Seeing as the ruins are lesser known than many others in Central America, the crowds were fairly minimal; and it was fairly easy to get around and see everything in a few short hours before it got too hot – and it got hot fast. One of the nicer aspects of being less popular is that you can not only climb the majority of the buildings, but some areas you can even walk inside ancient corridors, giving an interesting perspective to how life must have been like centuries ago.
A Surprise Encounter
Although most of the areas are obvious to the eye and impossible to miss, head to the farthest north structure and look for the stairs heading down into the trees. Follow these to see some small waterfalls and several crumbling, moss covered structures seemingly left to nature.
Before heading back to the road, I stopped to take a rest on one of the more remote foundations and as I was climbing down, I nearly stepped on a three foot long lizard. It startled me pretty good, but it was kind enough to pose for a few snaps before I left.
Aside from the ruins, most of what we read prior to heading here had little good to say about the town of Palenque itself. However, later that afternoon when we headed back to purchase our bus tickets for the following morning, we were pleasantly surprised!
The city itself is fairly small, but has some great restaurants, a beautiful centre square that was decorated for Christmas, several markets and some cool little shops. So while staying out in El Panchan was a great experience, being situated right in nature, Palenque would be a great option as well!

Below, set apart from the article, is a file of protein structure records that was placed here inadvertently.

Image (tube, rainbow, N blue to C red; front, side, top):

First thing the next morning, we ate a quick breakfast of a stale bus station sandwich and boarded another bus, this time only a brief nine hours, on our way to the city of San Cristobal de las Casas, way up in the Chiapas highlands.
Check out the video here!
How to Get from Oaxaca or San Cristobal to Palenque
Unless you’re pressed for time, the cheapest and easiest way to make this journey is by taking the ADO bus. If visiting from San Cristobal, there are many popular day-tours to the ruins, but time and freedom are often very limited. On top of that, like some friends of ours experienced, there can be even more complications than expected.
- From Oaxaca, the ADO bus prices range significantly. Though we paid 500 pesos in December, prices rise upwards of 1500 during the peak season a few months later;
- From San Cristobal, prices tend to hover between 150 and 400 pesos;
- Prices for most ADO journeys increase significantly closer to the date of travel, so always buy your tickets as far in advance as possible;
- The ADO website has detailed ticket information, but gave us errors when trying to actually purchase the tickets. Buying from the ADO station is the safest option;
- Buy your ongoing ticket when you arrive at the Palenque station, it just makes sense;
If Staying in El Panchan, Palenque
Most people decide to stay in the jungle “village” of El Panchan, about half way between Palenque city and the archeological site. Accommodation prices are a little higher out here, but you’re staying out in nature and surrounded by howler monkeys, which is worth the cost.
- Collectivos run every 15 minutes from outside the Palenque bus station to the El Panchan, the cost is 15 pesos per person;
- Taxis are 70 pesos for the same route;
- In El Panchan, there are a few simple restaurant options, but little else;
- At time of writing, no ATMs exist in El Panchan
- We stayed at Cabañas Kin Balam, which was a nice, laid back spot with a pool that was perfect after a hot afternoon at the ruins;
Visiting The Ruins
- To reach the ruins themselves, take a collectivo from the Palenque bus station, El Panchan, or anywhere on the side of the road to the ruins;
- The price at time of writing is 20 peso per person, regardless of where you’re picked up;
- It costs 36 pesos to enter the national park area, which begins just passed El Panchan;
- To enter the archaeological site itself, the fee is 75 pesos and the grounds open at 8 am
- ”Professional” photography and videography requires a special (and expensive) permit. I’m not sure what is considered professional gear though. I entered with my DSLR, three lenses and aGoPro. My tripod is the only piece I had to leave at the gate. This has been reconfirmed as of January 2019;